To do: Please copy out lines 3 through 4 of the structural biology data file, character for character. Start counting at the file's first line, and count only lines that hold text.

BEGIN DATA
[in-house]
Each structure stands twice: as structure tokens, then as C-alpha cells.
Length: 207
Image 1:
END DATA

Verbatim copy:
Length: 207
Image 1: